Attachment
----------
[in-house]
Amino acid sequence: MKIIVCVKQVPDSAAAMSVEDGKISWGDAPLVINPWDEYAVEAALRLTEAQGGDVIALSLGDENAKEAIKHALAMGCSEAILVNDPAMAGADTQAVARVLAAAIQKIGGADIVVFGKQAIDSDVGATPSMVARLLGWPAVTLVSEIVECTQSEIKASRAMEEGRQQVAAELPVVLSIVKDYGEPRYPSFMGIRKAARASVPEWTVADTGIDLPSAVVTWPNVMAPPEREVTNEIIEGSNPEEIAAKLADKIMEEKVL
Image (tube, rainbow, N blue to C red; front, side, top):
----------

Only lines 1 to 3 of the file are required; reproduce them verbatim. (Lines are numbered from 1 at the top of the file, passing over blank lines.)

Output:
[in-house]
Amino acid sequence: MKIIVCVKQVPDSAAAMSVEDGKISWGDAPLVINPWDEYAVEAALRLTEAQGGDVIALSLGDENAKEAIKHALAMGCSEAILVNDPAMAGADTQAVARVLAAAIQKIGGADIVVFGKQAIDSDVGATPSMVARLLGWPAVTLVSEIVECTQSEIKASRAMEEGRQQVAAELPVVLSIVKDYGEPRYPSFMGIRKAARASVPEWTVADTGIDLPSAVVTWPNVMAPPEREVTNEIIEGSNPEEIAAKLADKIMEEKVL
Image (tube, rainbow, N blue to C red; front, side, top):